"projects_count&amp",                                                       "favorites_count",
                                                     "comments_count")])

# turn into a data frame object
pattern_df <- data.frame(matrix(unlist(pattern_data), nrow=length(links_to_follow), byrow=T))
# add time and date
pattern_df$time <- Sys.time()

# write to text file
write.table(pattern_df, file = "/Users/saskia/R/ravelry_explorer/BT_follow.txt",append=T,row.names=F,col.names=F,quote=F)

This code gets the data at the point in time where it is run; in order to get this data as a function of time, the code above in ran automatically every 30 minutes using a Cron job (useful advice here).

After letting the data file grow for a few days, it’s time for harvest !

# read from the text file
BT_time <- read.csv("BT_follow.txt",header=F,sep=";")
# add columns names
names(BT_time) <- c("pattern","queued_projects_count","projects_count","favorites_count","comments_count","day","time")

# Fall 2015 pattern unique names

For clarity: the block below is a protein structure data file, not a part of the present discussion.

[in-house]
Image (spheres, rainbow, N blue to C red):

names_BT <- c("ashland-2","bannock","birch-bay-2","cascades","deschutes-2","copse-2",
             "fletching-3","lander","lolo","mcloughlin","nehalem-2","riverbend-2",
             "sauvie","trailhead-2","willamette-7")

# Fall 2015 pattern official names
names_full <- c("Ashland","Bannock","Birch Bay","Cascades","Deschutes","Copse",
                "Fletching","Lander","Lolo","McLoughlin","Nehalem","Riverbend",
                "Sauvie","Trailhead","Willamette")

names(names_full) <- names_BT

# filter the data to keep only Brooklyn tweed Fall 2015 patterns
BT_time <- subset(BT_time,subset=(pattern %in% names_BT))
BT_time$pattern <- droplevels(BT_time$pattern)
# use pattern name as identifier instead of permalink
BT_time$pattern <- revalue(BT_time$pattern, names_full)
# get full date from day and hour/min, in Brooklyn Tweed's local time (PDT)
BT_time$date <- as.POSIXct(paste(BT_time$day, BT_time$time))
attributes(BT_time$date)$tzone <- "America/Los_Angeles"

And now we can plot the graph of the number of favorites on each pattern as a function of time. I chose 15 colors as far from each other as possible using this handy tool from the Medialab at Sciences Po.

ggplot(BT_time) + 
  geom_line(aes(x=date, y=favorites_count, color=pattern, group=pattern)) +
  geom_text(data=BT_time[BT_time$date ==lastdate,], 
            aes(x=date,
                y=favorites_count,
                color=pattern,
                label=pattern),
            vjust = -0.2) +
  xlab("Time") +